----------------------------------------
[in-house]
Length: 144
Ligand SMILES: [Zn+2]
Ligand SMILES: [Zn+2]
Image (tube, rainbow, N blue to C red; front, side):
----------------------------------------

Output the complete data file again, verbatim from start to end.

[in-house]
Length: 144
Ligand SMILES: [Zn+2]
Ligand SMILES: [Zn+2]
Image (tube, rainbow, N blue to C red; front, side):